As loss prevention leaders heard accounts of the mass killing inside an El Paso Walmart, sadness at the senselessness of the tragedy was probably a common reaction. Or, perhaps anger at the rise of this type of violence in American society. But knowing just how difficult it is to safeguard these retail spaces, “negligence” was probably not what came to mind.
Yet, perhaps inevitably, a legal action is taking aim at the retailer’s security. A couple wounded in the shooting claims it was inadequate, and they have asked a court to compel the retailer to provide risk assessments and other security-related documents. “If Walmart had taken its responsibilities to its customers seriously, it would have had a visible security presence that would have stopped the shooter from coming to Walmart and killing all those people,” the couple’s attorney Patrick Luff said in an interview with ABC News.
In response, a Walmart spokesperson issued a statement to the news organization that, “This tragic event will be with us forever, and our hearts go out to the families that were impacted. Safety is a top priority, and we care deeply about our associates and customers.” With respect to the legal action, the statement read: “We preserved what information we have, and we’ve worked meticulously with federal and local authorities as they documented everything that took place on August 3. Once we are served with the complaint, we will respond appropriately with the Court.”
Could Walmart really be held liable for a clearly random act of violence? It seems unlikely. Liability hinges on the issue of foreseeability, because it triggers the obligation to take reasonable protection measures. Mass killings have certainly grown more common, but to suggest that a specific act against a specific store at a specific time was foreseeable seems a stretch. Although juries are fickle, to be sure.
Indeed, it’s perhaps more dangerous for retail security leaders to read too much into the request for Walmart risk assessments and other documents. Such a thing shouldn’t cause a company to think, “maybe I better not write anything down,” suggested one trial lawyer in a presentation at a national security conference.
Action Is Better than Inaction
The fear of negligent security lawsuits isn’t overblown—an incident resulting in death or serious injury frequently spurs a claim—but the vulnerability to successful suits probably is exaggerated, suggested the plaintiff’s attorney, who makes a living suing companies for negligent security. In a bit of détente to prevent future criminal victims, he explained to security executives why he takes and wins cases.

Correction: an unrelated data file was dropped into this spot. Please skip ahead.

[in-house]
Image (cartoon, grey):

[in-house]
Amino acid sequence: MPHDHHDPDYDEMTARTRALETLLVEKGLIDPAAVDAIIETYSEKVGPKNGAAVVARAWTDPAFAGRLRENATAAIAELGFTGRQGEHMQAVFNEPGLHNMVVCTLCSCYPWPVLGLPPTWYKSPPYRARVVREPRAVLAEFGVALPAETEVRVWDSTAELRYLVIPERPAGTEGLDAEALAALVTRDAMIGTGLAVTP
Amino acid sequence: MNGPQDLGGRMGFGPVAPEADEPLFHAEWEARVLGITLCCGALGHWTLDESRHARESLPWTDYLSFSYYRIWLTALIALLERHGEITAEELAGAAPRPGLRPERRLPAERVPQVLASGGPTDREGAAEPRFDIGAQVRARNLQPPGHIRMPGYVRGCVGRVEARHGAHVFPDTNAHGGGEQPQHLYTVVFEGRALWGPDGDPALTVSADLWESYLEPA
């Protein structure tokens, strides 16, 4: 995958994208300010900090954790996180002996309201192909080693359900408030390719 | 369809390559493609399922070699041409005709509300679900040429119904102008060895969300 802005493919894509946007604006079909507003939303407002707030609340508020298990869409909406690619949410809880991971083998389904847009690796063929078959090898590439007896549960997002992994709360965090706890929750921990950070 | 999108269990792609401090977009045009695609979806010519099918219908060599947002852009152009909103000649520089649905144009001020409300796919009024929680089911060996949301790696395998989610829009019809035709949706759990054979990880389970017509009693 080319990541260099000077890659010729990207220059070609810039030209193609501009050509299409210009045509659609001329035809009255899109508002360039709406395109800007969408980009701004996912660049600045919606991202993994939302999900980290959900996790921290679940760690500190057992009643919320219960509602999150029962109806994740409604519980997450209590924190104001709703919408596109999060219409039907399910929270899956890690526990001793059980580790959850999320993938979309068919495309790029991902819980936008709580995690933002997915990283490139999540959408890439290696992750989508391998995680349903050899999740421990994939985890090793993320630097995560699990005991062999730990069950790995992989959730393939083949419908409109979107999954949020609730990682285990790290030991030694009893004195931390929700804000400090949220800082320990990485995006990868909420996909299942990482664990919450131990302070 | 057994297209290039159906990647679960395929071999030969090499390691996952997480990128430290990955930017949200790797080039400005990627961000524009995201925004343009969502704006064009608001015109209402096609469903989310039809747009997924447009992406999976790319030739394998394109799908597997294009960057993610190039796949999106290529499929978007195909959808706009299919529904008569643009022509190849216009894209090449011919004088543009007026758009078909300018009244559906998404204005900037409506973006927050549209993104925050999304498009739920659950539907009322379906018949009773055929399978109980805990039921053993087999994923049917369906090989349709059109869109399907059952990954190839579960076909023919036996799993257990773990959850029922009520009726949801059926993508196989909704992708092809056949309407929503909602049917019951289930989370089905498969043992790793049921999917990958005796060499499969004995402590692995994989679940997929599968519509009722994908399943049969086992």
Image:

His experience is that a fear of lawsuits can drive companies to overthink the issue, which leads to incidents and expensive jury verdicts. “There are companies that have the attitude, ‘just don’t provide any security at all and then we’ll have no obligation,’ but that is not the law in any state,” said Haggard, who noted that it is the duty of commercial establishments to take reasonable care to provide a safe premises. “That’s what companies are being told, and it is a shame. Not only is it untrue, but it leads to people being hurt.”
Similarly, some companies think they’re being crafty by never writing down anything about security, believing that if they write down procedures then they must follow them, so it’s better to avoid it altogether. Such a thing not only makes for a bad corporate citizen, it’s poor legal strategy, said the attorney.
In a negligent security lawsuit, there is bound to be wrangling over “duty,” “reasonableness,” “foreseeability,” and other loosely defined legal terms, but it is companies that think they can avoid any responsibility altogether that pays a trial lawyer’s bills. “When I see companies lose a case it is most often because juries don’t want to see companies trying to employ the ostrich defense,” he said.
In recent victories against high-risk targets in high-crime areas, none of them had ever bothered to gather a single piece of data about crime in the area. “In my last four cases, defendants all said, ‘It’s not our job; it’s outside our fence.’ That is music to my ear in a deposition,” he said. Another common defense strategy is to rely on the difficulty of preventing crime, said Haggard. “They’ll say, ‘yes, we did nothing, but so what? It wasn’t preventable.’ Juries don’t like that,” he said.
Juries look much more favorably at affirmative defenses—and he does, too, in deciding which cases to take. “Rarely am I involved in cases where a defendant says, ‘this is our plan, this is our program, this is why we do it this way, and we’re damn proud of it.’ That’s a case that I will turn down,” he said.
“When companies have been proactive in security, that is not a case I want to have. I want the path of least resistance.” For him, that means inaction by a company that will indicate to a jury that it disregarded people’s safety. These are the companies that lose security lawsuits, he suggested. It is very rare for a company to lose a negligent security case when it makes security a priority and makes an honest, good faith effort to deliver it.